ACAP: The Headaches Die Down

Feeling Much Better
Medical malpractice suits are a pain -- except for lawyers and winning plaintiffs. Insurer American Physicians Capital (ACAP ), however, is coping nicely. Premium rates are up more than 20% for the third year. Now underwriting losses are falling -- fattening the bottom line. Richard Pzena, whose Pzena Investment Management owns 15% of the stock, says earnings will nearly double, to an annual $4 a share, by fourth quarter, 2005. ACAP earned 56 cents in the quarter ended Mar. 31. The surge should lift the stock from 23 to 40, even with no improvement in ACAP's p-e of 10, says Pzena. The premium hikes, allowed by state regulators, are sticking. The company is renewing about 85% of its policyholders. At the same time, claims and payouts for jury awards and settlements are falling. The average award is down from $82,200 six months ago to $55,200. ACAP is withdrawing from business in Florida and Nevada, where underwriting losses were swamping premium income. Michael Dion of Sandler O'Neill has a hold on the stock because of the chance that losses could turn up. Meanwhile, the company has conservatively raised reserves to $95,400 per claim.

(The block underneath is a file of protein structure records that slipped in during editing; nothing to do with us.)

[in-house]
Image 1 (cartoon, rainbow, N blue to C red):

Gene Marcial is away for several weeks.

Note: Unless otherwise noted, neither the sources cited in Inside Wall Street nor their firms hold positions in the stocks under discussion. Similarly, they have no investment banking or other financial relationships with them.

By David Henry

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